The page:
Understanding Proposed Changes to Noncompete Agreements
Businesses will need to adapt their practices as federal and state bodies look to curb the use of noncompetes
Noncompete agreements are under siege, facing attacks on the state and federal fronts.
This is vividly illustrated by what’s happening within the Federal Trade Commission and the New York State Legislature. In the transactional context, employers should educate them- selves about the proposed changes and plan accordingly.
The FTC is leading the movement to implement sweeping bans against the use of noncompetes by all employers vis-à-vis all employees—regardless of an employee’s position or compensation—with only narrow exceptions. At the same time, the New York Senate and Assembly passed a near-total ban on noncompete agreements in June, giving short shrift to the reality that the engine of New York is powered by the financial services and other professional sectors that often rely on noncompetes. The New York ban is more restrictive than what we’ve seen in any other state. Even California is more liberal than New York in this regard, as it allows the use of noncompetes in the sale of a business context. But as of this writing, the ban has not been signed by (or sent to) New York Governor Kathy Hochul.
In the meantime, these proposals should be prompting buyers, sellers and operating companies to understand the viability and permissible scope of noncompetes and adapt their practices. Whether this results in sellers being subject to a progressively limited scope and duration of restrictions on competition, or whether buyers will attempt to bulk up other restrictive covenants that protect against raiding a target company’s employee and customer base, businesses should not expect to simply rely on historical practices.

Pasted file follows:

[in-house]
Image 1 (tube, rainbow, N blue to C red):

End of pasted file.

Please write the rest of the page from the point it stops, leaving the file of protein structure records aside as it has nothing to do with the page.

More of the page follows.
FTC’s Proposed Rule
On January 5, the FTC published its proposed rule to ban nearly all noncompetes. The proposed rule was promulgated in response to President Biden’s July 9, 2021, executive order to promote competition. Three critical things the proposed rule would prevent employers from doing include:
1. Entering into or attempting to enter into new noncompete clauses;
2. Maintaining preexisting noncompete clauses; and
3. Representing to workers, under certain circumstances, that the worker is subject to a noncompete.
One of the only carve-outs is for the use of noncompetes entered into by a person who is selling a business entity (or their ownership interest in the entity), or selling all or substantially all of an entity’s operating assets. But this exception only applies if the seller holds at least a 25% ownership interest in the business. That is an extremely narrow exception and would, in many instances, exclude almost all principals of a business. It’s even more restrictive than the law in California, a state that’s no friend to noncompetes but which broadly permits noncompetes in connection with the sale of a business.
Employers are rightly concerned: The comment period for the proposed rule generated over 26,000 comments.
New York’s Legislation